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December 1985, Vol. 108, No. 12
Shift work pay differentials
and practices in manufacturing
About one-fourth of the production workers in metropolitan area factories worked on late shifts in the early 1980'sa proportion that has remained fairly stable over the past two decades. The incidence of late-shift work, however, varies greatly among manufacturing industries, ranging from less than 5 percent of the production work force in such labor intensive industries as apparel and wood furniture to approximately one-half in more capital intensive industries such as cotton and manmade textiles, cigarettes, and glass containers.
In 1984, at least nine-tenths of the late-shift workers in urban factories received premiums over the pay rates of their day-shift counterparts. Most commonly, the differential was a cents-per-hour addition to day-shift rates, averaging 23.2 cents for work on the second shift and 29.9 cents for work on the third shift. For those cases in which there were percentage differentials, the average was 7.3 percent of day rates for the second shift and 10.0 percent for the third. Among individual industries surveyed between May 1978 and October 1984, types and amounts of differentials varied widely. For second shifts, cents-per-hour differentials commonly averaged between 10 and 20 cents; percentage premiums, usually between 5 and 10 percent. Similar ranges for third shifts were 15 to 25 cents per hour and 5 to 10 percent. Differentials expressed in cents-per-hour have been increased periodically but, generally, not as rapidly as basic hourly pay rates.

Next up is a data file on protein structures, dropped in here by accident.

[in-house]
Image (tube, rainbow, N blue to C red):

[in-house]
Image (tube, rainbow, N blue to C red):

This excerpt is from an article published in the December 1985 issue of the Monthly Labor Review. The full text of the article is available in Adobe Acrobat's Portable Document Format (PDF). See How to view a PDF file for more information.
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